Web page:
Calvin Sims can’t help but remember his past as he envisions the future of the
Sims grew up on a farm in the small town of Rockmart, and from an early age witnessed the power of working the land.
“My parents were serious gardeners,” Sims said. “That’s how we ate. They grew everything - sweet potatoes, white potatoes, onions, peanuts, all the leafy vegetables, tomatoes, cucumbers, squash. Everything we needed, they grew.”
Perhaps that’s why being the volunteer director of the recently-opened green space comes, well, quite naturally to Sims.
A retired diesel mechanic for MARTA, Sims has worked tirelessly over the last few years to make sure the 9.2 acre preserve near his home in unincorporated Stone Mountain stays the way it is: fairly undisturbed, keeping its 120-year-old farmhouse, garage, guest house, log cabin and its towering productive trees intact. The space includes a community garden where peppers, lettuce and other vegetation are thriving. Hens housed on the property lay fresh eggs.
Once privately-owned, the home’s former residents put the ‘for sale’ sign up in 2006 --- coincidentally, this was soon after Sims spoke with a neighborhood leader about the community possibly buying the property.
Sims had never even seen the space at that point. But since he lived in the area, he recognized some familiar sounds from his childhood.
“When I would ride out of the subdivision...I could hear the [farm] animals, and I just knew something was back there,” Sims said.
It was the deceased matriarch’s wish that the land that held their old family home, which was once a working farm, remain a green space, Sims learned from her daughters selling the property.
The green space vision had support from volunteers, several community and political leaders, and DeKalb County eventually purchased the property.
Sims brings to his volunteer role a wealth of education and history of community involvement. He has a bachelor’s degree in economic development, completed a fellowship at Harvard in faith-based and community economic development, and holds a master’s degree in public administration. He is president of the Chapman Mill/Redan Park homeowners’ association and founder and board chair of the federal tax exempt Chapman Mill/Redan Park Community Development Corporation.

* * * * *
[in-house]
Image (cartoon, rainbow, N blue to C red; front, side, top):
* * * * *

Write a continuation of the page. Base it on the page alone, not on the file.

Sims said he is committed to making the space a place where schoolchildren can learn about the environment, where families can relax and take in the vast greenery, and gardeners can grow organic vegetables - experiences he had with his parents and seven siblings.
The many plans for the space include renovating the main house and working with Fernbank Science Center on education programs.
“When children develop a good understanding of what nature is all about and how all this happened it gives them more appreciation and I believe it helps shape better values,” Sims said. “I believe, based on my own personal experience, an appreciation of the environment helps shape positive values in people, especially young people.”
On Friday Oct. 28, 2011 the Chapman’s Mill/Redan Park Community will host an open house at the Redan Nature Preserve and Environmental Education Center located at 5338/5354 Redan Road, from 3:00 pm to 5:00 pm. Every one is welcome, and tours will be provided for guests at no cost. No pets please.